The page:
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Student Researchers Excel at Kean Research Days

Student research projects, including The Psychopathology of Batman and Do People Take the Fastest Route?, were the highlight of Kean Research Days, a two-day celebration of discovery and academic accomplishment held last week across the University.

Some 1,076 students and 155 faculty took part in the 11th annual Kean USA Research Days in the STEM building and Downs Hall on Kean’s Union campus, with another 400 students participating in Research Days at Wenzhou-Kean University (WKU) in China.

Kean students presented research posters and oral presentations, and exhibited board games and interactive exhibits, gaining experience and skills they can carry into their careers. Research Days also featured faculty research presentations, a musical performance, and a keynote address by international artist Paula Gaetano Adi, a faculty member at the Rhode Island School of Design, who spoke on the integration of technology and art.

“Each year, it gets better and better, not only the extent of engagement of students, faculty and staff, but the quality of the presentations and the posters,” said Jeffrey H. Toney, Ph.D., provost and vice president for academic affairs. “Many of our students will use the same presentations and posters to share at professional meetings across the region and beyond.”

The impact of Research Days went beyond the student-researchers who took part. Many students, faculty and staff browsed through the displays, or watched as presentations from WKU were streamed live into Downs Hall.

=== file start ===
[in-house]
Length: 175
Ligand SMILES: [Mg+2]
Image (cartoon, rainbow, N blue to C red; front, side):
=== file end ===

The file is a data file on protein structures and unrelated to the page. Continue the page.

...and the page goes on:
“Demonstrating research activity that advances fields of study and helps create our future is what distinguishes the finest universities from the rest,” Toney said. “Research Days is one example of how, under President Farahi's leadership, we have created a culture of discovery on campus that offers opportunities for our students to explore and grow.”

The research projects spanned subject areas from history to nursing to mathematical sciences.

Computer science majors Matthew Seeselberg and Isabel Morais, both seniors, researched the topic, Do People Take the Fastest Route? when using a GPS. For Seeselberg, the question came from real life. “I spend a lot of time traveling to school,” the Edison resident said, adding that he hopes to go into the automotive industry.

Morais was honored with the Research Days’ Undergraduate Researcher of the Year Award. The Union resident has already accepted a position with the Ford Motor Company in Michigan.

Psychology major Christopher Frias, a senior heading to graduate school at New York University, researched how brand names affected fragrance perception. To do so, he bought Wal-Mart cologne and assembled 100 students for a study, telling half of them the fragrance came from Wal-Mart, and the other half that it was Armani. The Armani group said they would pay an average $61 for the cologne, while the other group valued it at $28.

“I definitely enjoyed doing it,” Frias said. “I was always interested in doing research but didn’t know how to go about it. I learned so much.”

Research Days also included the presentation of awards. Faculty Research Mentor of the Year was Ching-Yu Huang, Ph.D., an assistant professor in the School of Computer Science. Senior Alexus Haynes-Albert, a graphic design: interactive advertising major, won for the program book design cover. Honorable mentions went to senior Nathanael Jenkins, a graphic design: interactive, print and screen major; and senior Arlenis Roberts, an industrial design major.